As I grew older, it seemed to me that I had a capacity to love all types of people, with complete disregard of their body parts. I didn't care what was in their jeans; I was attracted to how they treated me and what made them special human beings. Some were manly men; some were girly girls. Even more confusingly, some were boyish girls, and some were feminine boys, which kind of rendered the whole gender dispute a wash. They kind of just cancelled each other out and seemed the same to me.
Throughout my life, probably since puberty or so, I've occasionally had dreams in which I was a guy. In some cases, I was a male version of Sandi – me, but a dude, penis and all. But I was the same me. This dreamtime gender fluidity never disturbed me, and I never read much into it. After all, for a very long time, I wished I could trade my life with someone else's. (I kind of still do.) Why not a guy's?
I enjoy slipping into the costuming of a skydiver, a race car driver, and a construction worker. I love hard hats and belt buckles and cowboy boots and leather jackets. Might I wear a tuxedo one day? Sure, bring on the top hat and tails, and I'll sing like Marlene Dietrich.
I have the luxury of being able to do it all, without being labeled a cross-dresser. Sometimes I think I deserve that label when I get my makeup done and wear a gown. That isn't reality for anybody. Pajama bottoms are reality. T-shirts are reality.
In those cases when a man takes on stereotypically "female" characteristics—whether as a sassy West Hollywood gay man snapping and strutting while calling out "Girlfriend!", or a drag queen hosting bingo at Hamburger Mary's, or a transgender celebrity extolling the virtues of embracing their true self as a dolled-up, half-naked cover girl—I recoil a bit. I can't relate to them. It's too much. It's a persona, not a person. It's some hyperbolic fantasy of womanhood that many of us natural born women can't live up to—a fantasy that perpetuates a comic book caricature of what we are or what we're supposed to be. We women are torn down when we live up to that expectation, and we are torn down when we don't.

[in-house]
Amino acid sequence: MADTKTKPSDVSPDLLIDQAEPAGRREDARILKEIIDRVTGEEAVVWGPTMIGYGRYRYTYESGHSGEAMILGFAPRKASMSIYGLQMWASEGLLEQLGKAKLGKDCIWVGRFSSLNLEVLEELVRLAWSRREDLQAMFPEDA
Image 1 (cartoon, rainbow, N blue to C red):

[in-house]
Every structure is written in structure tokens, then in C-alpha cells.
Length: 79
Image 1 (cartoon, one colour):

I never classified myself as a tomboy, but I've definitely been considered "one of the guys" in several different groups of friends. In college, there were fraternities that joked about inducting me into their brotherhood because I fit in so well. In most "no girls allowed" scenarios—even up through adulthood—there's usually an unspoken "except Sandi" clause.
I embrace this. I don't question it. There are women who exhibit stereotypically male traits, and men who are in touch with their feminine side. I try to take what I like, and leave what I don't, regardless of which bucket it belongs in. I like people who are strong and confident and kind and loyal and caring and honest and trustworthy. I drink margaritas and straight bourbon. I enjoy chick flicks as much as action movies. I want to drive muscle cars and ride in horse-drawn carriages. I've flown a sailplane and then gone winetasting. I've taken my aggressions out at the shooting range, and then gone home and cried myself to sleep.
I am genetically and physically a woman. But I'm so much more than that.